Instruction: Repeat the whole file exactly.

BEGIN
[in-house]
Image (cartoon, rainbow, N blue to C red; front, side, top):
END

[in-house]
Image (cartoon, rainbow, N blue to C red; front, side, top):